Just outside the village of San Al Hagar, 70km northeast of Zagazig, are the partly excavated ruins of Tanis, a city known as Djanet to the ancient Egyptians and Zoan to the Hebrews. Some call it the Saqqara of the Delta because of its impressive scale. Although it is not so well preserved as that ruin and only shattered remnants of its temples remain, the statuary, obelisks and stelae scattered across the vast sands here are incredibly atmospheric.
For several centuries Tanis was one of the largest cities in the Delta, and became a site of great importance after the end of the New Kingdom, especially during the Late Period (747–332 BC).
The earliest buildings at Tanis are from the reign of Psusennes I (1039–991 BC), who surrounded the Temple of Amun with a great enclosure wall. His royal tomb and five others from the 21st dynasty were unearthed by the French in 1939, and the treasures are some of the most spectacular ever found in Egypt. The trove, which includes gorgeous jewellery, is on view in the Egyptian Museum. Psusennes I and later kings reused blocks and statues from earlier eras – so much of the stone actually dates from the Old and Middle Kingdoms. His successors added a temple to Mut, Khons and the Asiatic goddess Astarte, together with a sacred lake, and temple building continued until Ptolemaic times.
With Egypt's glut of Pharaonic sites, Tanis rightly falls low on the priority list for Egyptology fans, but for those with plenty of time on their hands, a visit here is rewarding. Cinema buffs are also quick to point out that Tanis is where Indiana Jones discovered the ‘Lost Ark’.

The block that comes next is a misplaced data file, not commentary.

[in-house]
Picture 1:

Local site guide, Ezzat, is usually found at the ticket office and is well worth touring the site with (tip appreciated). You won't get an in-depth rundown on Tanis' history, but he's very knowledgeable about the hieroglyphs on display and can point out many of the details you would otherwise miss if you were rambling the site by yourself. Some readers have run into aggressive wild dogs here. Although the only dogs we saw on our last visit were woeful specimens, this is another good reason to accept Ezzat's services rather than go it alone in this huge site.
You can reach Tanis by taking a microbus or East Delta bus from Ulali or Abboud in Cairo (LE15, two hours) to the town of Faqus, which is about 35km south of Tanis. From Faqus, take a service taxi or bus (LE5 to LE7) to the village of San Al Hagar, or hire a taxi (LE35) to take you to the site.
Alternatively, and much more slowly and with much more dust, the train takes about 3½ hours to get to Abu Kabir (LE20), the nearest station to Faqus. These old, non-air-con trains leave from the far east end of Cairo’s Ramses Station (ask for ‘Sharq’ or ‘Limun’) approximately every two hours. If you’re coming from Zagazig, the train is slightly more appealing. It takes just 45 minutes to Abu Kabir, and there are more options, with service every hour or so.